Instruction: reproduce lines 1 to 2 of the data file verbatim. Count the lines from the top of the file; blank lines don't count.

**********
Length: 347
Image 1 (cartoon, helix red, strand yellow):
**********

Length: 347
Image 1 (cartoon, helix red, strand yellow):